Next fall will mark the start of a two-year trial program that will re-imagine first-year-College House affiliation. Each house will be affiliated with four or five floors from different bricks. Howell will remain a chem-free College House and will be affiliated with floating chem-free floors. 

The working proposal reflects input from all corners of the Bowdoin community; that it was so thoughtfully shaped by those who will experience it inspires confidence, and its recommendations have the potential to significantly improve campus culture. The plan seeks to bridge what has become a palpable social divide between students who choose to live chem-free and those who do not, an unfortunate reality of student life that deserves thoughtful redress. 

  In the past, chem-free housing options have accommodated  twice as many international students, students of color and students from Maine than non-chem-free dorms. So much of our experience at the College is shaped by who we live with, and the new model would increase diversity and enrich the first year experience. 

But spreading chem-free floors throughout the first year bricks presents a  serious logistical challenge to the 13-year-old College House system. Floating floor affiliation is the first step toward alleviating the alienation felt by some chem-free students, but it will also fundamentally change the relationship between first years and the College Houses.  

Some things will inevitably be lost. It will be difficult to replicate the experience of the Inter-House Olympics or the excitement of heading over early to campus-wides with new friends from your dorm.  That your friends upstairs will not know the same cast of older students because they are affiliated with a different house will eliminate some common ground in the awkward early weeks of freshman year.  But if the new system works, it will give students more opportunities to connect with classmates who they may not otherwise meet in their first year.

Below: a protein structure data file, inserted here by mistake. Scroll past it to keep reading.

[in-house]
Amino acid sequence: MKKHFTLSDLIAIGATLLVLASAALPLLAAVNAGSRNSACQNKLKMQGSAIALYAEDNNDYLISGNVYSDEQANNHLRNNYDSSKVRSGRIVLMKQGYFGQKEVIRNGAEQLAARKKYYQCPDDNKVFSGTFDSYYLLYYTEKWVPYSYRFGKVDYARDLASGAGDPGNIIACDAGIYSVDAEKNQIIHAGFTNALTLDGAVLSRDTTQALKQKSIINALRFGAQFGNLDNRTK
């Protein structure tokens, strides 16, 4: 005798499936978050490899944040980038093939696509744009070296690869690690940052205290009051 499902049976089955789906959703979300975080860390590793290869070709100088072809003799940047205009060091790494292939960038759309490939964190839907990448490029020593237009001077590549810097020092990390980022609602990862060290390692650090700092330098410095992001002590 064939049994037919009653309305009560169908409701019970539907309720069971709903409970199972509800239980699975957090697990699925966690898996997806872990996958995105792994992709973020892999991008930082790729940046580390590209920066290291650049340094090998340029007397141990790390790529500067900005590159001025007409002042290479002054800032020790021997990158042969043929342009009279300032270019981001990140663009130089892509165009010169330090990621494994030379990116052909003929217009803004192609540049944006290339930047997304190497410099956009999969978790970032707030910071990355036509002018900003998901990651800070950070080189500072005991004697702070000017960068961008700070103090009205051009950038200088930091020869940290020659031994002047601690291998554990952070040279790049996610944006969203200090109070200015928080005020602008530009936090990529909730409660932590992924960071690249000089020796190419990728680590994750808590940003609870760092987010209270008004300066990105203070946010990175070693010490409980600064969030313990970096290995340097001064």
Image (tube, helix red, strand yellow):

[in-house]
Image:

The physical reorganization will have to be accompanied by a real, campus-wide effort to incorporate the cultural changes recommended in the new policy. “Chem-free” has assumed connotations far broader than abstinence from substance use; changing the nomenclature will be no small task, and will require a concerted effort from students and staff. The task of coordinating chem-free events should be more equally shared between the houses.  Howell will continue to be the designated chem-free College House, but the other houses should make good on their promise to host chem-free events.  If creating a more inclusive and cohesive social life at Bowdoin is the goal of this project, all students should share and interact in all spaces.  

The process of re-evaluating the chem-free system began last year, and has since driven an important debate that is sure to continue as the plan is implemented in the next two years. The broad range of opinions expressed on the subject reflect the diversity of student experiences on this campus—this diversity enriches Bowdoin even as it makes finding a solution to this issue all the more elusive.